Reading and learning are important parts of writing and teaching. It’s something I keep pressing myself to do.
But as great as it is to read consistently, it often seems that, years after reading a book, I’ve forgotten much of what it has to say, sometimes even its key ideas. Or the key ideas may have been retained, but not necessarily associated with the book. For this reason, among others, I’ve been thinking of taking notes when reading a book, and putting them together as a short review. Actually, I sometimes take notes now, but after enough time they seem cryptic, or are forgotten. So writing a summary would serve as a focus to record thoughts, but also as a way to do so clearly and in a form to be used later.
To be honest, doing this on the blog seems secondary, it’s just that having such a platform provides focus — helpful for being consistent. Also, after thinking about it, there seem to be a couple perspectives that are important to me, but are often missed in other reviews. It’s possible that other people would also find them useful, so maybe posting them would be generally helpful after all.
For one thing, books on creation span a fairly wide range of complexity. I think creation is an important topic and that there are many perspectives that need to be shared, but sometimes good material is written at an advanced enough level as to be inaccessible to most people. However, this characteristic is not always apparent when reading others’ reviews or the jacket cover. I think it would be useful for people, when considering whether to read a book, to know what level it’s written at. And perhaps, if written at an advanced level, to know if there are other treatments available. I would never intentionally turn anyone away from a book they’re interested in reading, but it’s more important that people have access to the ideas they need to hear.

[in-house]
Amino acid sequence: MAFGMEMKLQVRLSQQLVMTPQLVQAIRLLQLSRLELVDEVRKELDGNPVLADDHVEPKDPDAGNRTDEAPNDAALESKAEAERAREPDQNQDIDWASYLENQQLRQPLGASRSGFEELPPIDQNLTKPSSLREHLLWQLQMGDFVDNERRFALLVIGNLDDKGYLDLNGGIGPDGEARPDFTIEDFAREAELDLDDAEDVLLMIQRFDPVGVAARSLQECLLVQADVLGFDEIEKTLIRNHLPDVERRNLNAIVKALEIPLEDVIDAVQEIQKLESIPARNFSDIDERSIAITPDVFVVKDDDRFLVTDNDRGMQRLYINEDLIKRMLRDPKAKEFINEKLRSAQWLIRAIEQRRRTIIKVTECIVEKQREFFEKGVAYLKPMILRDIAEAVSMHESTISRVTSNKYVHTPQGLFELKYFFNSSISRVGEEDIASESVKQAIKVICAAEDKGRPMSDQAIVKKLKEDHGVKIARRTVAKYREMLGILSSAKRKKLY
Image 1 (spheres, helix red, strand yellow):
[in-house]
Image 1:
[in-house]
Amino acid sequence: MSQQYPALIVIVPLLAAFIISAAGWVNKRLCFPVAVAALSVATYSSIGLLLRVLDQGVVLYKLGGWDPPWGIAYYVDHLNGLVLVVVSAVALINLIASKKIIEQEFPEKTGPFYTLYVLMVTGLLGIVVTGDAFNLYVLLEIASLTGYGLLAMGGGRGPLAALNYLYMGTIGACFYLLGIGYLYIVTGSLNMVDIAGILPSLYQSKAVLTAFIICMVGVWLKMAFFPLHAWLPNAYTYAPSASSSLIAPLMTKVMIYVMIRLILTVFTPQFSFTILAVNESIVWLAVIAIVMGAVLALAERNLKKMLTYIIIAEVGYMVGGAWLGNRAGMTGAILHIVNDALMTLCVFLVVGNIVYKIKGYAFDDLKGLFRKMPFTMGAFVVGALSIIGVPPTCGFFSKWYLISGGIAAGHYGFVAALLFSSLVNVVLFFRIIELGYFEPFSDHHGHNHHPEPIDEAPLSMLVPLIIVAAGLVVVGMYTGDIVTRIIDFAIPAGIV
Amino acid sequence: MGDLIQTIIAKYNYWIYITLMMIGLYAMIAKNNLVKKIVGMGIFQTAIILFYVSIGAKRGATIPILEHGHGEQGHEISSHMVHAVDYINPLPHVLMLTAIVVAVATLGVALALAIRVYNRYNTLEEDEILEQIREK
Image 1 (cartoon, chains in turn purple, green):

Another thing I look for is the presence of spiritual perspectives. What is the author’s relationship with God, and do they give any sort of witness to the reality of Him in their lives? Do they acknowledge the Bible as more than a secular book, and if so, how? Do they discuss spiritual principles as part of their ideas, or stick to secular analysis? Not everyone cares about such things, but those who do would typically have a hard time finding such information in typical reviews.
So despite not having any experience at this sort of thing (at least not since college), I’ll give it a shot. I’m pretty sure it will be helpful for me; hopefully others will benefit, too.